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First you get the money, Then you get the power

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Presentation on theme: "First you get the money, Then you get the power"— Presentation transcript:

1 First you get the money, Then you get the power
Mo' Money- Mo' Power First you get the money, Then you get the power

2 Let’s talk about about power.
What is POWER? Name 3 people that you think have POWER? Why do you consider these people powerful? When the song is over… it’s discussion time. Have an answer. 

3 Directions Set up your journal for Cornell Notes. Title: Mercantilism
Cut out the first three paragraphs of your expert reading. Paste them into your journal in the details section of your Cornell Notes. Cut and paste the Triangle Trade and Middle Passage sections in your journal on the NEXT page. BELOW: Cut and paste the Transatlantic trade foldable in your journal Find a partner and use the Reciprocal Teaching strategy to read the expert reading and write your questions. #1 Reads the paragraph #2 creates the question SWITCH/ALTERNATE Class discussion reviewing mercantilism. Read and discuss the last two paragraphs of your expert reading.

4 Definition of Mercantilism
An economic theory that a nation’s power is determined by its wealth. A belief that the colonies exist to benefit the parent country More money = more power!

5 How does mercantilism work?
The colony sells raw materials to the parent country and the parent country sells manufactured goods to the colony.

6 Mercantilism is exclusive.
The colony must trade only with the parent country. If the colony can get goods only from another country, the goods must be shipped to the parent country and then sent to the colony.

7 The government is involved.
Under the system of mercantilism, the government regulates the economy for the good of the empire. The good of the individual is not considered.

8 Mercantilism and England
Developed in order to provide specie (gold and silver) for the government so they could afford to support a navy that would protect merchant ships. The colonies provided cheap raw materials and were a market for British products. In the 17th century, England passed a series of laws to regulate trade between the mother country and her colonies. These laws were known as the Navigation Acts.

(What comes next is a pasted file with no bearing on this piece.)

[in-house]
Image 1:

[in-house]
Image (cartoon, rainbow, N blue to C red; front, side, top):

9 What’s in it for me? Mercantilism brought gold and silver to Britain and set up a monopoly on trade with the colonies. The colonies did not get any benefit from this, so they eventually set up their own production and trade with other countries. (This was illegal!) For a long time, England ignored the colonies and their economic practices. (salutary neglect)

10 The Downfall of Mercantilism
When England began to stockpile gold and silver, the result was inflation which resulted in higher prices. Other nations with less gold and silver had lower prices. When England forced the colonies to buy her higher priced goods, the colonies became discontent. This resulted in smuggling and rebellion!

11 Downfall of Mercantilism (con’t)
As more craftsmen came to the colonies, Americans depended less and less on trade with England and began to feel independent.

12 Closing thoughts…. Why is it good to have competition in business? Think about what it would be like if there were only 1 sneaker company… and it isn’t Nike which means NO JORDANS! How does mercantilism stomp out competition? Who benefits the most from mercantilism? Why? What do you think the colonists are going to do with England if England continues this mercantilist dominance?

13 Follow each of the steps in the Frayer Model to diagram the word mercantilism for better understanding.

14 What’s the connection? Colonial merchants also wanted to make a profit and developed their own trade routes to avoid the restrictions of the Navigation Acts. Of the many trade routes developed during this time, the most famous was the triangular trade route.







21 Iron neck chain



24 ATLANTIC SLAVE TRADE 1502 – 1870 The Middle Passage



27 Leg Irons.

28 Neck Ring


















46 Olaudah Equiano

47 Slave Trade Triangle :Slaves captured or bought in Africa
Shipped to Caribbean to work on Sugar plantations Slaves traded for sugar Sugar traded in Europe for manufactured goods European manufactured goods traded in Africa for slaves. Slave Triangle


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